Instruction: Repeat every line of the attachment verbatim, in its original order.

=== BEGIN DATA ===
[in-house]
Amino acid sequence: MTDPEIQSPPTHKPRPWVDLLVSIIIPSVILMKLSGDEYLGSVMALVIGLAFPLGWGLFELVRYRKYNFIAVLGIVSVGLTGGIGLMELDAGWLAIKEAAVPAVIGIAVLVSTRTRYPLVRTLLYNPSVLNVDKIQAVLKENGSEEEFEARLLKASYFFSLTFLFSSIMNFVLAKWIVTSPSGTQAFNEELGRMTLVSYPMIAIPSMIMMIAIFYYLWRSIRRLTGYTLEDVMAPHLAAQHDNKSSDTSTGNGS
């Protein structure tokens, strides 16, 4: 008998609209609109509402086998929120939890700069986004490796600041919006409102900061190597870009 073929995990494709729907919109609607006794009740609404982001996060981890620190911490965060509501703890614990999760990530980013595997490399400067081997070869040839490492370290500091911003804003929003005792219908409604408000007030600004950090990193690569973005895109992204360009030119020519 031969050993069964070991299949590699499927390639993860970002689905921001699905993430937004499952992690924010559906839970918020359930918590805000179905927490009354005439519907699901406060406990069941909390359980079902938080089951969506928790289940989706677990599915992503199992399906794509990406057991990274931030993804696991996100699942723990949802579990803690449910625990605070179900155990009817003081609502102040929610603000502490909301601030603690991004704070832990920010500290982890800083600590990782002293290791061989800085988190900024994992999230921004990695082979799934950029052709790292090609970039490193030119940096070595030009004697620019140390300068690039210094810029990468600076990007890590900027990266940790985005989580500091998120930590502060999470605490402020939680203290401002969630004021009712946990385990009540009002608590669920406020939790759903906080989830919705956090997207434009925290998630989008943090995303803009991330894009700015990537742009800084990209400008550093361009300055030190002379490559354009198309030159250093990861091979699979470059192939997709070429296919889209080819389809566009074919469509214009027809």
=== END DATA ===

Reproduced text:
[in-house]
Amino acid sequence: MTDPEIQSPPTHKPRPWVDLLVSIIIPSVILMKLSGDEYLGSVMALVIGLAFPLGWGLFELVRYRKYNFIAVLGIVSVGLTGGIGLMELDAGWLAIKEAAVPAVIGIAVLVSTRTRYPLVRTLLYNPSVLNVDKIQAVLKENGSEEEFEARLLKASYFFSLTFLFSSIMNFVLAKWIVTSPSGTQAFNEELGRMTLVSYPMIAIPSMIMMIAIFYYLWRSIRRLTGYTLEDVMAPHLAAQHDNKSSDTSTGNGS
């Protein structure tokens, strides 16, 4: 008998609209609109509402086998929120939890700069986004490796600041919006409102900061190597870009 073929995990494709729907919109609607006794009740609404982001996060981890620190911490965060509501703890614990999760990530980013595997490399400067081997070869040839490492370290500091911003804003929003005792219908409604408000007030600004950090990193690569973005895109992204360009030119020519 031969050993069964070991299949590699499927390639993860970002689905921001699905993430937004499952992690924010559906839970918020359930918590805000179905927490009354005439519907699901406060406990069941909390359980079902938080089951969506928790289940989706677990599915992503199992399906794509990406057991990274931030993804696991996100699942723990949802579990803690449910625990605070179900155990009817003081609502102040929610603000502490909301601030603690991004704070832990920010500290982890800083600590990782002293290791061989800085988190900024994992999230921004990695082979799934950029052709790292090609970039490193030119940096070595030009004697620019140390300068690039210094810029990468600076990007890590900027990266940790985005989580500091998120930590502060999470605490402020939680203290401002969630004021009712946990385990009540009002608590669920406020939790759903906080989830919705956090997207434009925290998630989008943090995303803009991330894009700015990537742009800084990209400008550093361009300055030190002379490559354009198309030159250093990861091979699979470059192939997709070429296919889209080819389809566009074919469509214009027809």